A recent report reveals that the Lake Tahoe Basin and the northern Sierra Nevada are currently experiencing a condition known as snow drought, according to new research and data from scientists at the Desert Research Institute (DRI). Snow droughts, or periods of below-normal snowpack, occur when abnormally warm storms or abnormally dry climate conditions prevent mountain snowpack from accumulating.
“As of early January, the snowpack in the Lake Tahoe Basin was only 28 percent of normal,” said Benjamin Hatchett, Ph.D., a postdoctoral researcher with DRI’s Division of Atmospheric Sciences. “We experienced warm wet and dry periods in November and a dry period in December that has created snow drought conditions throughout the region, followed by warm, rainy weather so far in January that has caused snowpack levels to decline further, especially at low elevation sites.”
Snow droughts have become increasingly common in the Sierra Nevada and Cascade mountains in recent years, as warming temperatures push snow lines higher up mountainsides and cause more precipitation to fall as rain.
Hatchett, an avid backcountry skier, and friend of SnowBrains began to notice the trend several years ago and recently published research outlining an approximately 1,200-foot rise in the winter snow levels over the last ten years across the northern Sierra Nevada.
“There has always been an occasional snow drought year in the mountains, but that was typically the ‘dry’ type of snow drought caused by lack of precipitation,” Hatchett said. “As the climate grows warmer and more precipitation falls as rain instead of snow, we are seeing that we can have an average or above-average precipitation year and still have a well below-average snowpack.”
The implications of snow drought have not yet been studied extensively, but may include impacts to water resources, snowmelt runoff, flooding, soil moisture, tree mortality, ecological system health, fuel moisture levels that drive fire danger, human recreation, and much more. In regions such as the Lake Tahoe Basin, where mountain snowpack sustains wildlife, ecosystems, local economies, and provides crucial water resources to downstream communities throughout the year, the impacts of snow droughts could be enormous.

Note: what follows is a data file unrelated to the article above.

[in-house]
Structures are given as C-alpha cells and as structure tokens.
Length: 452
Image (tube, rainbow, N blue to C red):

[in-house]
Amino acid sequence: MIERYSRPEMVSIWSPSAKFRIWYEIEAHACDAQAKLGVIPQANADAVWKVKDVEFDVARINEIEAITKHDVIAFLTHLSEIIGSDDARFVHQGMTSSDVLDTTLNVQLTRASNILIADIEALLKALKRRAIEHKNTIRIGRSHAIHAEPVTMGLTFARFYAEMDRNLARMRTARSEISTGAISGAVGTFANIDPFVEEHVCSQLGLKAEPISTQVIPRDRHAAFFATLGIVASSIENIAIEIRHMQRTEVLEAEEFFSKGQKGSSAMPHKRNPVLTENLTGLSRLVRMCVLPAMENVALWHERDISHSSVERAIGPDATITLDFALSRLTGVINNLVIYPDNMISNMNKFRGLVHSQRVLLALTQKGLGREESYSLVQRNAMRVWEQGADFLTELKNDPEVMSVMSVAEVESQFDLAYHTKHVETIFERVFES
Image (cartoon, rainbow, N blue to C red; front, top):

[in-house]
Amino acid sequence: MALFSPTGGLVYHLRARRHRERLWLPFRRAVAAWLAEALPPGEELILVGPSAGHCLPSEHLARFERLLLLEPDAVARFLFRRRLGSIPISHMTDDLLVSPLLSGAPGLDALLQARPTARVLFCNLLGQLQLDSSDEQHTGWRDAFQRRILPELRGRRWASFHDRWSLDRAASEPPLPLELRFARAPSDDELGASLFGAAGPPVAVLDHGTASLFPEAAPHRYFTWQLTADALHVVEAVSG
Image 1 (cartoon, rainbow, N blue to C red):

The last four winters, Hatchett and fellow DRI climate researcher Daniel McEvoy, Ph.D., an assistant research professor of climatology and regional climatologist at DRI’s Western Regional Climate Center (WRCC) noted, have all exhibited some degree of snow drought in the northern Sierra Nevada. Even the recent huge winter of 2016/17, which ended with far-above-average snowpack levels (205% of the long-term median on April 1, 2017, in the Lake Tahoe Basin), began with a period of early-season snow drought during a dry November. This winter has been no exception, with snow drought taking hold over low elevation areas in November, and moving to higher elevation sites in December.
“We spend a lot of time going out and skiing, climbing, and hiking in the mountains, which is what inspired us to study these things,” Hatchett said. “We’re seeing and experiencing snow drought first-hand, and we have to quantify it and understand it because these are changing patterns on the landscape that will have massive implications for the mountain environments that we experience each day and the mountain communities that we live in.”
Only time will tell how the 2017/2018 winter season will end, but in the meantime, snow drought is affecting the region in ways that have not yet been fully quantified.